I’ve visited a number of historical castles in my travels, from medieval European, early modern European, feudal Japanese, imperial Chinese, and imitation French Chateaus. I’d love to do nothing more than go on a castle tour of Europe for a few months, sojourning from England and structures like Warwick Castle, through France and into Germany to Frederick the Great’s Neues Palais, and finally end in Romania and its many fortresses from the period of warring with the Ottoman Empire. An expensive dream, I know, but an historian and a writer’s dream nonetheless.
My upcoming trip (leaving in three days!) to Munich and then into Slovenia promises a few more grand castles. My Slovenian friend Maja, my tour guide for that country, promises me that her nation is dotted with abandoned castles from the days when Slovenia was part of the Holy Roman Empire of the German People, divided into principalities such as Styria, Carniola, and Carinthia. I’m looking forward to seeing these stone sentinels overlooking the land of the Julian Alps.
The most astonishing castle I’ve seen in my travels is Schloß Neuschwanstein in Bavaria, perhaps the most famous castle in the world. However, Neuschwanstein is a “fantasy” castle, created by König Ludwig II of Bavaria as a fairy-tale world to reflect the fantasies in the operas of Richard Wagner. It is, therefore, as unreal a castle as you might find in a storybook printed at the turn-of-the-century. That is part of the charm—the feeling that, as you approach it, what you are seeing cannot possibly be real.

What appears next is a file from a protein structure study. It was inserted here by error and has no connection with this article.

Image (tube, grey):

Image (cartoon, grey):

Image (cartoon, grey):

Switching to the other side of castle-construction, the most impressive practical castle I’ve gone to, a medieval construct designed for defense and not aesthetics, is Conwy Castle in Wales, which I visited in the early ‘90s and which left an enormous impression on me. King Edward III finished the castle in 1289 as part of his dominance over Wales and to guard the shore from a possible attack from the north.
The castle is in a semi-ruined condition from its age and the relentless ocean wind battering its gray stone. When I visited it, the sky was a bleak slate hue and winds whipped hard from the ocean. It was perfect. I remember I climbed to the top of the leftmost high and thin tower in the photo below along a tight winding staircase.
The guard stones around me were very low, and the tower stared right down into the crashing waves of the sea. The sense of vertigo and instability were overwhelming. Another tourist, also an American, stood on the twin of these two forward towers (the one immediately to the right in this photo), his camera in hand but strapped over his neck and under his arm with a secure band. We were close enough to be able to hear each other, even over the skirling of the wind—the photo doesn’t give a sense of how close these two towers actually stand to each other.
He looked at me and smiled, the shouted across the gulf: “Really gives you a secure feeling, doesn’t it?”
And, even though we were Americans, standing on a castle almost eight hundred years old in the land Wales, where all the signs are printed in two languages, I think for that moment we both felt the weight of the bygone era, the sensation of English guards keeping sentry on a miserable blustery day over the harbor. It was a moment of heightened reality that I will never forget, and the closest I have ever come to feeling… medieval.